At first glance, dozens of Chilean arpilleras—patchwork portraits on burlap canvasses—appear hopeful on display at the Museum of Latin American Art. Often depicting a beaming sun emerging from Andean mountaintops, the cheerful colors of stitched cloth sharply contrast with images of life under a brutal dictatorship: a presidential palace engulfed in flames, leftist activists dumped into the Pacific Ocean from military helicopters, book burnings and a boot stamping out press freedom.

“It was dangerous for Chilean women to create arpilleras but they were always working in spaces considered safe havens,” says Ana Maria Cobos, a retired Saddleback College librarian who helped organize the “Arte, Mujer y Memoria: Arpilleras From Chile 1973-1990” exhibit. “It’s a remarkable form that allowed women to express something that, typically, they wouldn’t have had the opportunity to.”

Ana Maria Cobos, a retired Saddleback College librarian, helped organize “Arte, Mujer y Memoria” which will be on exhibit at the Museum of Latin America through March.

The small, rectangular textiles largely retell a story of death, that of Chilean democracy following the September 11, 1973 coup that ousted socialist president Salvador Allende and ushered decades of General Augusto Pinochet’s repressive reign. Weaving that history together, Chilean women made arpilleras in the sanctity of Catholic churches during the dictatorship, one keenly fearful of culture’s political prowess.

The right-wing press assailed the creations as “anti-Chilean” as sympathizers worked to smuggle them out of the country in support of the women artisans.

Cobos, who’s active with the Movimiento Pro-Emancipación de las Mujeres de Chile (MEMCh) in Los Angeles, gave brief history lessons at every stop during a recent tour of the exhibit with her family. Near the beginning of the exhibit, Cobos stopped at one arpillera and described it as the most personal to her.

The embroidered textile shows military men burning books beneath residential buildings where foreign leftists lived during Allende’s presidency. Cobos’ future husband tried to retrieve books for one such American friend following the coup; the effort cost him a week in detention.

Not all the images are as grim.

Others portray a community soup kitchen and a church workshop on how to make arpilleras. Soon, public outrage with the dictatorship took the form of protest before a plebiscite in 1988 spelled the end of Pinochet’s rule; a history faithfully recounted in the artwork displayed at the museum.

Most on exhibit are credited anonymously and come from the personal collection of Venice-based artist Francisco Letelier, son of the late Chilean diplomat Orlando Letelier who died in a Washington D.C. car bombing orchestrated by Pinochet’s secret police in 1976.

“My collection is a subset of a collection created by my mother Isabel Morel Letelier during the dictatorship with groups of arpilleristas,” says Letelier. “It aimed to create a chronology of events during the Pinochet era in order to highlight human rights abuses and the daily life of people in the country.”

With the help of the Vicariate of Solidarity, a human rights group in Chile run by the Catholic Church, arpilleras made their way north where they found a new political context in the exile community, particularly for women.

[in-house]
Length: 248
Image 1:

Arpilleras became a very North American story as well, a fact often overlooked by American journalists and others,” Letelier adds. “The connection to struggles in Chile was often the lifeline and mechanism through which Chileans displaced to foreign countries could find a semblance of hope and consequence, reject powerlessness and help those within the country. In her work, my mother had extensive contact with the group of Chilean exiled women here in Southern California.”

Together, exile groups like MEMCh helped make arpilleras a subversive transnational cottage industry all while exploring the interplay between human rights and culture.

Inheriting such history, Cobos recently came to be involved with MEMCh-LA with an archivist mission in mind. She originally emigrated to the United States in 1965 as a young girl years before the coup. Along with a colleague from a similar background, Cobos helped to donate fifty arpilleras to Chile’s Museum of Memory and Human Rights in April, many belonging to Letelier.

The group hoped to retrieve them for the exhibit when social protests in Chile erupted in October over a metro fare hike, one that quickly escalated into a demand for the country’s current right-wing president Sebastian Piñera to resign. Historic marches have called for the adoption of a new constitution not burdened by Pinochet-era baggage.

Fortunately, MEMCh-LA had a backup plan in light of the unrest.

With culture playing a powerful role in current protests, an exhibit of arpilleras is as relevant as ever. It ends with “For the Right to Live With Dignity,” a modern embroidered textile by artist Victoria Diaz that presages the protests. The artwork critiques Chile’s consumer culture through the flow of privatized water, a common denunciation of past arpilleras.

With much work still to be done, Cobos’ group plans to patch a quilt together from arpilleras they will make later this month. They also hope to incorporate as a nonprofit and travel with the exhibit.

“Not only are we going to try to take this to other venues in Southern California, but we are going to give MEMCh a new life,” she says. “Now, there’s a very active group of women creating art as a result of what’s going on in Chile. Things change, and yet they don’t.”

Arte, Mujer y Memoria: Arpilleras From Chile exhibits at the Museum of Latin American Art through March 29; 628 Alamitos Ave.